It was strange to walk these unfamiliar streets, especially as this was the first time he’d done so since he lost his eye. The outward scars had healed, but inwardly there were gaping holes in his soul. On the streets, both eyes were necessary and with only half his sight, he was aware of the disadvantage his blind side caused him. His ears twitched with every sound and he turned his head constantly to survey the lay of the land. He was not going to get jumped this time. If he could find the dog who maimed him, he’d rip his throat out, curse the mangy mongrel!
Mitzee was not sure exactly what he was looking for, something familiar, a return to his old haunts, a chance at the prison wardens who kept him behind bars for so long.
A scuffle to his left had him crouching in a shadow, still and focused, senses alert.
“What have we here? A townie?”
“Nah Bruce, look at his fur. He’s a housie.”
Housie, a derogatory term referring to the spoiled rich kids who lived to eat and be pampered. Mitzee didn’t appreciate the comment and he hissed and growled loudly at the pair of mangy ally cats that sidled into view.
“What are you doing out here all by yourself, Puss?” The darker gray one mocked.
Mitzee arched his back and drew himself to his full height as he growled again a long wail of sound. It was his specialty, some likening it to ghosts trapped in a drainpipe. It certainly set the two back on their haunches as they re-evaluated the situation. Mitzee didn’t allow them to regroup, he launched himself at them, claws flashing and single eye blazing. There was a tangle of limbs and a piercing scream, before tufts of fur and clumps of dirt went flying.
The two bullies hollered as they scampered away, and Mitzee ran in the opposite direction. Stopping behind a tree, he paused, collecting himself. His single eye fixed on his surroundings, unblinking, as he scanned for the next threat. They would be back. He’d only shocked them, but they were not incapacitated. He, on the other hand, was badly shaken, his heart was pounding, and he limped a little as he felt the pull on his bad leg. The taste of blood was in his mouth, and he couldn’t tell if it was his own or not.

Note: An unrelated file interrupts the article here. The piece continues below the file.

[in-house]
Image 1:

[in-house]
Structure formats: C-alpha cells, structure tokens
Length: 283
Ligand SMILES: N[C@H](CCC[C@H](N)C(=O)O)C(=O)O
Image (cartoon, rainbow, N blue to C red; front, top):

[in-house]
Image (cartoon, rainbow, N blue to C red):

Without waiting around to see if the thugs would return for a second attack, Mitzee turned tail and scampered back the way he had come and took a running leap at the fence. He would have made the jump, if his leg wasn’t so sore, he told himself as he scrambled inelegantly for purchase on the wooden planks before he hoisted his body up to sit on the top of a post. There, in the setting sun he set about cleaning the evidence of his aborted mission away, by smoothing out his coat and washing his face as best he could. No need to look like a street rat.
“Mitzee! You’re back!” The cry was one of delight and, although he did not deign to turn his head to acknowledge the cry, his heart leapt with a surprising flutter, like a bird freed from a cat’s paw. From the corner of his good eye he saw the little scrapper come running towards him, arms wide and mouth opening in a gap-tooth baring grin. Mitzee jumped to the ground and scampered past her into the house, where he slid to an amazed halt. He gasped in shock. There, right there, in the corner of the front room, was a playground. It was so tantalising and mesmerising. A tree, nearly as high as the roof, hung with glittering balls, yards of string, and small jingling bells sat there, just waiting to be attacked.
Mitzee sighed with sheer delight as the unloved kitten within his soul reared its head with delighted curiosity. You know what? he thought. Revenge can wait. This tree needed all his attention, and he strutted forward to investigate. It didn’t stand a chance!